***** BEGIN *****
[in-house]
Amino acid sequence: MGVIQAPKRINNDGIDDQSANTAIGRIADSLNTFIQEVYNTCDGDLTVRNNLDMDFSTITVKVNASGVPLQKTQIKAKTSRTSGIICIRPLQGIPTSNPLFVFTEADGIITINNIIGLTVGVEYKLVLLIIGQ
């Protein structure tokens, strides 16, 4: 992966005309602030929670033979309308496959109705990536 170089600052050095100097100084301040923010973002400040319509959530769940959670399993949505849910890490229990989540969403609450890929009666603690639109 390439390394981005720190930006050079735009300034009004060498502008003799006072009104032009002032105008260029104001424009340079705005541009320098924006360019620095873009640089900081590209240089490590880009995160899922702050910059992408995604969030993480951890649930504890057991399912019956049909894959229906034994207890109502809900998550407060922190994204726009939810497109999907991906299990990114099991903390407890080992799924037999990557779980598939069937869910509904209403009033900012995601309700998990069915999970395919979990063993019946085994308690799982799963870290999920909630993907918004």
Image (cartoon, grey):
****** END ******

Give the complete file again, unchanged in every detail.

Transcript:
[in-house]
Amino acid sequence: MGVIQAPKRINNDGIDDQSANTAIGRIADSLNTFIQEVYNTCDGDLTVRNNLDMDFSTITVKVNASGVPLQKTQIKAKTSRTSGIICIRPLQGIPTSNPLFVFTEADGIITINNIIGLTVGVEYKLVLLIIGQ
């Protein structure tokens, strides 16, 4: 992966005309602030929670033979309308496959109705990536 170089600052050095100097100084301040923010973002400040319509959530769940959670399993949505849910890490229990989540969403609450890929009666603690639109 390439390394981005720190930006050079735009300034009004060498502008003799006072009104032009002032105008260029104001424009340079705005541009320098924006360019620095873009640089900081590209240089490590880009995160899922702050910059992408995604969030993480951890649930504890057991399912019956049909894959229906034994207890109502809900998550407060922190994204726009939810497109999907991906299990990114099991903390407890080992799924037999990557779980598939069937869910509904209403009033900012995601309700998990069915999970395919979990063993019946085994308690799982799963870290999920909630993907918004």
Image (cartoon, grey):